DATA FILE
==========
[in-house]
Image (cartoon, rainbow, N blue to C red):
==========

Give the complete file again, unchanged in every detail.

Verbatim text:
[in-house]
Image (cartoon, rainbow, N blue to C red):